In theory, if it were similar to a tokamak, Ironman’s ARC reactor could extract nearly 95,000 kWh worth of energy from just one gram of material. That’s nine times more energy than the average American household uses per year extracted from something that weighs as much as a jelly bean.

Real-life tokamaks create energy from a fusion reaction between deuterium (which we can derive from seawater) and tritium (which we can derive from lithium). The cool part about this reaction is that we can use the clean(er) energy from fusion to process the raw seawater and lithium into the needed deuterium and tritium — meaning that we drastically cut the carbon emissions from processing.

As Ironman, Tony Stark builds a lot of cool gadgets and maintains a bunch of huge computers to help him navigate around the world, build stuff for his fellow Avengers, and interact with his incredible AI technology, JARVIS. He’s pretty much a one-man Google.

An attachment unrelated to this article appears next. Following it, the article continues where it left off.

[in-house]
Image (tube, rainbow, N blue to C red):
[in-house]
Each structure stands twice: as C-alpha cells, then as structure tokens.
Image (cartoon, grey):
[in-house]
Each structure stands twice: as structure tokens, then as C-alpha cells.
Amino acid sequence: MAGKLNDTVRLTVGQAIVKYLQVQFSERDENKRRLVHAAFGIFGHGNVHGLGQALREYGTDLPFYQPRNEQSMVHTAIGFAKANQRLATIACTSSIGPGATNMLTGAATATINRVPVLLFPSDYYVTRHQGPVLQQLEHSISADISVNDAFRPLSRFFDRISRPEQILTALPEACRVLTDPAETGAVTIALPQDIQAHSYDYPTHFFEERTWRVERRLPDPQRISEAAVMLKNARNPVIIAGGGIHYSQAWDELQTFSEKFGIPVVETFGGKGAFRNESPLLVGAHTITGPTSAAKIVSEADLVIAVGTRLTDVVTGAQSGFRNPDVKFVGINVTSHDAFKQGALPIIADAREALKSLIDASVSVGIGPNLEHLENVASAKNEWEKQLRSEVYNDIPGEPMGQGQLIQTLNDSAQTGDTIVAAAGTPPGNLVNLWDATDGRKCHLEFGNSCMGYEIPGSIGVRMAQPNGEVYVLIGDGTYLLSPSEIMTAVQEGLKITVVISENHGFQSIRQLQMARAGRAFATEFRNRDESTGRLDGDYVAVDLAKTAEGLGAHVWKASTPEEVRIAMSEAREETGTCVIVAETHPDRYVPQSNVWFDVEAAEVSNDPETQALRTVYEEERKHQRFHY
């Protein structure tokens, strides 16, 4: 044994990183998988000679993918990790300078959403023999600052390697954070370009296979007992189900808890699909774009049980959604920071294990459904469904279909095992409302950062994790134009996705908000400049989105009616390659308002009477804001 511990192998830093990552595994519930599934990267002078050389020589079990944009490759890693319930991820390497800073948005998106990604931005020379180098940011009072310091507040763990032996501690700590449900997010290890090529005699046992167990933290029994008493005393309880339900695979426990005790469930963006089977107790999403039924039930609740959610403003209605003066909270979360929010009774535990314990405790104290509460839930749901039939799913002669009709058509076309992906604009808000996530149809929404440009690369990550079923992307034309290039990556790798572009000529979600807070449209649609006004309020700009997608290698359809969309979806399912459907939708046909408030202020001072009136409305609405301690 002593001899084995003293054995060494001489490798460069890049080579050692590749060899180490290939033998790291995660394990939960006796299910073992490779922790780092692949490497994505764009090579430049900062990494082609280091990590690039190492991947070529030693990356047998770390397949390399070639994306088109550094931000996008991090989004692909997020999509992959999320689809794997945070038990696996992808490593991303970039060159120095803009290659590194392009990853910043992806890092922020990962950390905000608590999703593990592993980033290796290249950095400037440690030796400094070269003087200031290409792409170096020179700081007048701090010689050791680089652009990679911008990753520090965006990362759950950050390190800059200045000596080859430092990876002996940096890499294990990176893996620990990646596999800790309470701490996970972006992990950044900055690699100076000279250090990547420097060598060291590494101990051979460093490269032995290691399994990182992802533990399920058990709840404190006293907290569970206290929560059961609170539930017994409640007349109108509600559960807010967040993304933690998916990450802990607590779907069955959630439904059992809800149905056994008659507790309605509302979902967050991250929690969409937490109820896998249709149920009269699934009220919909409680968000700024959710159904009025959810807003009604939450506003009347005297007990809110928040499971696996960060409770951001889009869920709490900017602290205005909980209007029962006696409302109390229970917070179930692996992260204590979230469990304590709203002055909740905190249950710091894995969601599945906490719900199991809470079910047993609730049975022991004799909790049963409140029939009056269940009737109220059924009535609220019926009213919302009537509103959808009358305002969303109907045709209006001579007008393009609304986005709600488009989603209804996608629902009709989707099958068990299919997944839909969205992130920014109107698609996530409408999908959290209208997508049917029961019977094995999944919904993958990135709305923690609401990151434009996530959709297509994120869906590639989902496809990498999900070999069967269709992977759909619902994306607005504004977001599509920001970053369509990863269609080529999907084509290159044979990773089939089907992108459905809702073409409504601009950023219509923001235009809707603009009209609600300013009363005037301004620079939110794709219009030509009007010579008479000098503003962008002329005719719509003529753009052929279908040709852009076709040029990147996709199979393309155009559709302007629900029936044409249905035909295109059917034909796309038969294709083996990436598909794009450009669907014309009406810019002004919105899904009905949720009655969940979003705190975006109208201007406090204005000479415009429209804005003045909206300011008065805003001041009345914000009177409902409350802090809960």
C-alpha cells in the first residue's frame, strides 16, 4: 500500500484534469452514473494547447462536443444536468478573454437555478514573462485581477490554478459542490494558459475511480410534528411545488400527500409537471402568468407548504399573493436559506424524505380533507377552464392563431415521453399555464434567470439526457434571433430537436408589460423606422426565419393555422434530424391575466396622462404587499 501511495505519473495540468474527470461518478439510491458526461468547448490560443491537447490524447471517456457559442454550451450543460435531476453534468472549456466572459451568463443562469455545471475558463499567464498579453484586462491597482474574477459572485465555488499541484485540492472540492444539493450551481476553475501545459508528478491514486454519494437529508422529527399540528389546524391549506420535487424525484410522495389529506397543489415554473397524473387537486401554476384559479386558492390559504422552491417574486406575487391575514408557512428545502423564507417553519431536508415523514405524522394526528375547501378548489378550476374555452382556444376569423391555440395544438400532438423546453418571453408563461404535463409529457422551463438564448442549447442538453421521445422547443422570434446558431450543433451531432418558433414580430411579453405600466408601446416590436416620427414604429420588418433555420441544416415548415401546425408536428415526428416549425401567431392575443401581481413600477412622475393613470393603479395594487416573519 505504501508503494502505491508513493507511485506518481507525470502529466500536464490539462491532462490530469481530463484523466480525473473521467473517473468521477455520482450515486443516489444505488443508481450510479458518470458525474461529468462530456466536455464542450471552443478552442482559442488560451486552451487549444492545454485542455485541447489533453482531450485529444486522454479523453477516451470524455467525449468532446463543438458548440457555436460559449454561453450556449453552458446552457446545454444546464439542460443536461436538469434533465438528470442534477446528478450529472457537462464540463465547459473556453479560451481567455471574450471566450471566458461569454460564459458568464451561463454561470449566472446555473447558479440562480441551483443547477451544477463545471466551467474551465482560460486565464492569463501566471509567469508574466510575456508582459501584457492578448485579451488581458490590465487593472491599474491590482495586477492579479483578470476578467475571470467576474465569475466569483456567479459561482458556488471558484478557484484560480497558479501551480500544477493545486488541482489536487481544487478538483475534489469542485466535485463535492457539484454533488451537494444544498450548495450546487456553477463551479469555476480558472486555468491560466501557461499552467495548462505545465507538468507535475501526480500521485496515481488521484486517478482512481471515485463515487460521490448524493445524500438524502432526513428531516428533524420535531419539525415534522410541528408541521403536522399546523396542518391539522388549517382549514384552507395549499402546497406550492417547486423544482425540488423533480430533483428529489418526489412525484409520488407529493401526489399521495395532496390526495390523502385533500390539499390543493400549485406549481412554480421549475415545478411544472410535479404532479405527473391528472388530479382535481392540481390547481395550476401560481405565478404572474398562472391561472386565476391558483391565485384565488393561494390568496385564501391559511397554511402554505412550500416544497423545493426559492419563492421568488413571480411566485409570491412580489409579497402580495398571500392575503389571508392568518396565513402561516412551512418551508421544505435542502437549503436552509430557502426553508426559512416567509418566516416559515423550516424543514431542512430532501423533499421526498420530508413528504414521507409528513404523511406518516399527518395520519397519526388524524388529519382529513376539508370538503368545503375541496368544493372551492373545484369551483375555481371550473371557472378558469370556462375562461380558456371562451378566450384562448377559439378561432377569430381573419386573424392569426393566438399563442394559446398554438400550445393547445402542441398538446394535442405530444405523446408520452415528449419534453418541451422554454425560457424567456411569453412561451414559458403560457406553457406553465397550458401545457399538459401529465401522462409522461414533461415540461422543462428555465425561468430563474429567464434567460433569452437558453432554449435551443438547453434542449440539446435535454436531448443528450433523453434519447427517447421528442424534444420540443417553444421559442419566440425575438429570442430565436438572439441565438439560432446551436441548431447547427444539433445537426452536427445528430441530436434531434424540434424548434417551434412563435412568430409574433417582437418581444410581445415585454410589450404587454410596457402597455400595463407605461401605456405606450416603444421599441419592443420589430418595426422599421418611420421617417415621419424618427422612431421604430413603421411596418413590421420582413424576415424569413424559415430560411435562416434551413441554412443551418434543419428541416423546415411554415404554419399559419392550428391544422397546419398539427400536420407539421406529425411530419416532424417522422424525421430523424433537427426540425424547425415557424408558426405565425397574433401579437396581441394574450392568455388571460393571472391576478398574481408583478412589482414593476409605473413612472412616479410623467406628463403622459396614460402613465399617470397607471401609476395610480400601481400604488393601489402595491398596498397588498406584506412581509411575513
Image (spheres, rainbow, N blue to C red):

Google used 3,324,818 MWh of energy in 2010. Using an ARC reactor, Ironman would need around 14 kg of deuterium (derived from 123,368 gallons of seawater) and 21 kg of tritium (derived from 420 kg of lithium). Most of the planet is ocean, so presumably the seawater would be pretty easy to get. But the lithium would still require mining, meaning that Ironman would still release 174 kg-CO2e for every kg of lithium mined. This equates to a total carbon footprint from Ironman’s technology of:

Emissions = 161,114 lb CO2e

This is a stupidly small number for the amount of energy created and used. It means that Ironman releases only 0.0000485 lb-CO2e/kWh, which is more than 2,000 times cleaner than solar or nuclear fission technologies we have today. Bravo, Ironman! Bravo, indeed.

Flight
Flight might be one of the more contentious aspects of Ironman’s carbon footprint. The comics are clear that he uses “rocket boots,” which implies that he’s burning rocket fuel. Not surprisingly, this would have a bad carbon footprint. It’s also possible that Ironman uses something else to propel himself around: plasma. Plasma would have a much lower carbon footprint, and Tony Stark does want to singlehandedly save the world, so maybe he’s using this cleaner alternative.

If he’s burning rocket fuel, he’ll need around 9 gallons worth for a 1 hour flight, or 54 gallons for a flight from NYC to LA.